By the numbers: Swing states

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  • 95: The number of Electoral College votes up for grabs in eight swing states.
  • 5: The number of swing states that had higher unemployment rates in September 2012 than in January 2009.
  • 27.1%: The percentage of Nevada residents who are Latino, the highest of the swing states
  • 7%: Approximate percentage of Mormon residents in Nevada, the highest of the swing states

When millions of Americans head to the polls on November 6, only eight states will likely make or break the election. With the stakes that high, we took a look -- by the numbers -- at the swing states:

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8: The number of swing, or battleground, states in play for the 2012 presidential election. They are: Colorado, Florida, Iowa, Nevada, New Hampshire, Ohio, Virginia and Wisconsin.

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95: The number of Electoral College votes up for grabs in eight swing states. There are 538 votes available with a minimum of 270 needed to win the White House.

56.6 million: The population of the eight swing states, approximately 18% of the total U.S. population.

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    19 million: The population of Florida, the largest of the swing states. Florida has 29 Electoral College votes.

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    1.3 million: The population of New Hampshire, the smallest of the swing states. New Hampshire has four Electoral College votes.

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    34.3 million: The number of registered active voters in the eight swing states.

    5: The number of battleground states that had higher unemployment rates in September 2012 than in January 2009. However, all are lower than their peak unemployment rates in 2010.

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    9.6%: Nevada's unemployment rate in January 2009, when President Barack Obama took office.

    11.8%: The unemployment rate in Nevada in September 2012, the highest of the swing states and the highest in the country. The unemployment rate peaked at 14% in October 2010.

    5.2%: The unemployment rate in Iowa in September 2012, the lowest of the eight swing states.

    8.6%: Ohio's unemployment rate in January 2009 when, Obama took office. It peaked at 10.6% in January 2010.

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    7.0%: Ohio's unemployment rate in September 2012, down 3.6 points since January 2010.

    27.1%: The percentage of Nevada residents that are Latino, the highest of the nine swing states.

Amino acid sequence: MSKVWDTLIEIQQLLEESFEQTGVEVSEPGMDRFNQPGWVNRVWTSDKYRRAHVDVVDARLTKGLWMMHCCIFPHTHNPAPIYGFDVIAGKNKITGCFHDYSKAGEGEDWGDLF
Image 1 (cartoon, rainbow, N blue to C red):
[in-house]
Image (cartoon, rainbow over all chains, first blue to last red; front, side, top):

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    2.9%: The percentage of New Hampshire residents that are Latino, the lowest of the battleground states.

    7%: Approximate percentage of Nevada residents that belong to the Church of Jesus Christ of Latter Day Saints, the highest of the swing states.

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    0.4%: Approximate percentage of Wisconsin residents that belong to the Church of Jesus Christ of Latter Day Saints, the lowest of the nine swing states.

        Election 2012

      • CHICAGO, IL - NOVEMBER 06:  U.S. President Barack Obama stands on stage with first lady Michelle Obama, U.S. Vice President Joe Biden and Dr. Jill Biden after his victory speech on election night at McCormick Place November 6, 2012 in Chicago, Illinois. Obama won reelection against Republican candidate, former Massachusetts Governor Mitt Romney.  (Photo by Chip Somodevilla/Getty Images)

        A black man is returning to the White House. Four years ago, it was a first, the breaking of a racial barrier. Tuesday night, it was history redux. And more.
      • CHICAGO, IL - NOVEMBER 06:  U.S. President Barack Obama stands on stage after his victory speech at McCormick Place November 6, 2012 in Chicago, Illinois. Obama won reelection against Republican candidate, former Massachusetts Governor Mitt Romney.  (Photo by Chip Somodevilla/Getty Images)

        The 2012 presidential election shattered spending records, further polarized a divided country and launched a thousand hashtags.
      • Even though voters indicated to pollsters that their financial situation is the same or worse than it was four years ago, they put their trust in the president.
      • US President Barack Obama addresses a crowd of supporters on stage on election night November 6, 2012 in Chicago, Illinois. President Barack Obama swept to re-election Tuesday, forging history again by transcending a slow economic recovery and the high unemployment which haunted his first term to beat Republican Mitt Romney. AFP PHOTO/Jewel Samad        (Photo credit should read JEWEL SAMAD/AFP/Getty Images)

        The president faces a long and familiar set of challenges after riding a wave of support from moderates, women and minorities to victory.
      • Republicans kept a lock on the U.S. House of Representatives, a crucial victory after the party failed to wrest away the presidency from Barack Obama and the Senate from the Democrats.